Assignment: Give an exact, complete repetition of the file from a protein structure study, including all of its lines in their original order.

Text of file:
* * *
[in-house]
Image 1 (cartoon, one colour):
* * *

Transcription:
[in-house]
Image 1 (cartoon, one colour):